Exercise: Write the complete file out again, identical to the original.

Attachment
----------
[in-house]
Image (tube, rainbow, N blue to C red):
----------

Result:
[in-house]
Image (tube, rainbow, N blue to C red):